Radiotherapy courses

Over 63,500 courses of radiotherapy were reported in 2016–17.

This compares to a total of about 60,600 in 2015–16, 56,400 in 2014–15, and 47,700 in 2013–14. However, the data collection coverage was incomplete in 2013–14 and 2014–15 (see Radiotherapy activity and collection participation).

In 2016–17 public providers delivered 7 in 10 courses (over 45,000), with the majority of those courses provided in New South Wales and Victoria. Private providers delivered the remaining 3 in 10 courses reported (18,500). Data for courses delivered in the private sector are not presented by state and territory to protect the privacy of individual service providers.

What is a course of radiotherapy in this report?

In this report, a course of radiotherapy is defined as follows:

  • A course of radiotherapy is a series of one or more external beam radiotherapy treatments prescribed by a radiation oncologist.

  • A course of radiotherapy should have an associated ready-for-care date and, when treatment starts, a radiotherapy start date.

  • A patient can receive more than one course of radiotherapy at the same time (courses that are simultaneous or overlap). These courses may have the same or different ready-for-care dates and the same or different radiotherapy start dates.

  • Only a radiation oncologist can prescribe a course of radiotherapy. A prescription is not equal to a course of radiotherapy. A prescription may be for one or more courses of radiotherapy. A prescription outlines the anatomical region/sites to be treated and is for a prescribed dose at a defined volume (fractionation) over a defined period.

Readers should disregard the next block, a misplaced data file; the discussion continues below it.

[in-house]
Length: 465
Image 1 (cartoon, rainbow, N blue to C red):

• One course of radiotherapy may cover multiple phases and multiple treatment plans.

 Interactive figure 1 presents data for 2013–14 to 2017–18, by sex and by:

  • age group,
  • intent of treatment,
  • emergency status, and
  • top 10 principal diagnoses.

Key points for radiotherapy courses started in 2017–18

  • Just over half (52%) of all courses of radiotherapy were provided to males, and 48% to females.

  • Up until the age of 60, females make up the greater portion of radiotherapy courses, but as people move into their early 60s this pattern reverses.

  • 89% of courses were delivered to people aged 50 and over, and 1.4% were delivered to people aged 30 or under,

  • 60% of radiotherapy courses were intended to cure disease, 39% were palliative, and 0.3% were prophylactic (i.e. to prevent disease).

  • 1.4% of courses were clinically assessed as emergency treatment (that is, radiation treatment should begin within 24 hours), with 99% of these cases being palliative.

Excluding the relatively high number of cases where Indigenous status was not stated (35%), the proportion of courses provided to Indigenous patients in 2017–18 was 1.4%; Indigenous people comprised 3.1% of the Australian population in 2015 (ABS 2015).